ONE of Cagayan de Oro’s pioneer broadcasters who moved to Canada is now producing a television show that aims to show a different side of the Philippines to Canadian tourists.
Suzette Ricalde-Montes, former news producer for Radio Mindanao Network’s pioneering TV-8, is producing a travel documentary cum cultural show, which she plans to air on one of Toronto’s TV stations.
“Canadians seem to have gone everywhere in the world except to the Philippines,” Montes notes. “We want to open their eyes to a unique island-hopping experience which they can experience through our show.”
Dubbed 7,000 Islands and More, the show is initially planned to have ten episodes of about 30 minutes each for its first season.
For its jump-off, it’s no surprise that Montes chose Cagayan de Oro and Northern Mindanao. During their first two weeks of shooting, the crew shot Cagayan de Oro and Misamis Oriental, followed by Camiguin, Bukidnon and thence to Tagaytay, and Palawan.
“When Canadians travel abroad, many go to the Caribbean which is considered convenient and common,” said Samantha East, a Fil-Canadian based in Toronto who’s hosting the show with local hero and indie film maker Cloyd Winstanley. “But they’re always looking for something different and are very open to other cultures.”
For Cagayan de Oro, Cloyd says they focused on its well-earned reputation as the Adventure Sports Capital of the Philippines, going white water rafting in the Cagayan River, trekking and canyoneering in the wilds of Mapawa Nature Park and skywalking on the newly–built Lasang Treetops and Boardwalk at Initao National Park in Misamis Oriental.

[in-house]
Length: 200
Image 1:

Sam, 19, is an incoming sophomore at Ryerson University where she’s studying Radio and TV in hope of becoming a news anchor and broadcast journalist.
She’s previously been to the Philippines five times, visiting her folks in Masbate and Cavite, then traveling to Bataan, Mindoro and Tagaytay. She’s the daughter of Diwata Viado of Dimasalang, Masbate and David East of Sussex, England.
“This is a perfect opportunity to open people’s eyes, there are so many things to do here, positive things,” Sam said. “I enjoyed trekking through Mapawa Nature Park the most. It was tiring for me but I kept thinking how my friends back home would just love to do this! It’s so good to push our bodies to the limit.”
For those who still haven’t tried Mapawa’s River Trekking & Canyoneering Package, your personal epic saga starts at 7 a.m. and ends at 3 p.m. Start off with a 30-minute ride on a trailer pulled by a farm tractor while being briefed on the reforestation project. At the drop-off, your group takes a 15-minute trek downhill to the river where you don life vests for a screaming waterslide down a 25-foot natural waterfall, followed by a 30-foot jump from another waterfall and a rappel down a 65-foot waterfall.
After lunch, you can either trek back to the trailer or ride back to the park on horseback (this costs extra). Or you can camp out in the park or stay overnight at the ranch with bed and breakfast, though prior arrangements for this are necessary.
Previous to this, Sam’s TV experience was confined to being a reporter for RU TV News, the on-campus TV station of Ryerson University, and Minerva Television; an up and coming Filipino cable station in Toronto. The high point of her career at Minerva was having the opportunity to join a press conference in 2008 which featured former President Fidel V. Ramos, who was unaware he was talking to a Fil-Canadian.
Besides Sam and Cloyd, the crew also includes director Maya Manulat, Montes’ colleague from her RMN days.
Lew Hebia, a recent graduate of the Toronto Film School, is the talented cinematographer and editor behind the scenes, whose family moved from Cagayan de Oro to Toronto when he was 14. He’s been coming back to Cagayan de Oro every three years or so, and he’s seen the city grow.
“I like coming back here,” Lew says. “I love the Philippines.”